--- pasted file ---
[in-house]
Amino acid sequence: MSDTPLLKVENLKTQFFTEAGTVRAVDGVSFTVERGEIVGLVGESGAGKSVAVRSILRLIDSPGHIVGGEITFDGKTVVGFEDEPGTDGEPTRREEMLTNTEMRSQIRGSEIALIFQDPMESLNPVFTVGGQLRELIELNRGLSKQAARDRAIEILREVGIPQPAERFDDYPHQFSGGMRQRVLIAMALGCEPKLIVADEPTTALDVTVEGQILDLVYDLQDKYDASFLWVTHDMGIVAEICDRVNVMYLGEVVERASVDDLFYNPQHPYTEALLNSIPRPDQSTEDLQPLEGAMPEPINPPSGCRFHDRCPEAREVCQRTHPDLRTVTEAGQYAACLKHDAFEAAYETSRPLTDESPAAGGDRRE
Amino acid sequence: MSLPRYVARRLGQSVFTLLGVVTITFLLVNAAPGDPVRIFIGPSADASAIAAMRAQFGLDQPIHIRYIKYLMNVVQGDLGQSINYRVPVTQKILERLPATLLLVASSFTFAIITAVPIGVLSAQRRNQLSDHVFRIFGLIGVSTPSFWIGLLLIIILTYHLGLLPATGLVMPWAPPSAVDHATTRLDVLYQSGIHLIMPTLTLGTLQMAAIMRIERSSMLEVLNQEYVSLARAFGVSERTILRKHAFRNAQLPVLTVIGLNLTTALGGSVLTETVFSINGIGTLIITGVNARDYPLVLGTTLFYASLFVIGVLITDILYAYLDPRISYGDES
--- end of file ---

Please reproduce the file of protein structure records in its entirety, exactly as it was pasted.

[in-house]
Amino acid sequence: MSDTPLLKVENLKTQFFTEAGTVRAVDGVSFTVERGEIVGLVGESGAGKSVAVRSILRLIDSPGHIVGGEITFDGKTVVGFEDEPGTDGEPTRREEMLTNTEMRSQIRGSEIALIFQDPMESLNPVFTVGGQLRELIELNRGLSKQAARDRAIEILREVGIPQPAERFDDYPHQFSGGMRQRVLIAMALGCEPKLIVADEPTTALDVTVEGQILDLVYDLQDKYDASFLWVTHDMGIVAEICDRVNVMYLGEVVERASVDDLFYNPQHPYTEALLNSIPRPDQSTEDLQPLEGAMPEPINPPSGCRFHDRCPEAREVCQRTHPDLRTVTEAGQYAACLKHDAFEAAYETSRPLTDESPAAGGDRRE
Amino acid sequence: MSLPRYVARRLGQSVFTLLGVVTITFLLVNAAPGDPVRIFIGPSADASAIAAMRAQFGLDQPIHIRYIKYLMNVVQGDLGQSINYRVPVTQKILERLPATLLLVASSFTFAIITAVPIGVLSAQRRNQLSDHVFRIFGLIGVSTPSFWIGLLLIIILTYHLGLLPATGLVMPWAPPSAVDHATTRLDVLYQSGIHLIMPTLTLGTLQMAAIMRIERSSMLEVLNQEYVSLARAFGVSERTILRKHAFRNAQLPVLTVIGLNLTTALGGSVLTETVFSINGIGTLIITGVNARDYPLVLGTTLFYASLFVIGVLITDILYAYLDPRISYGDES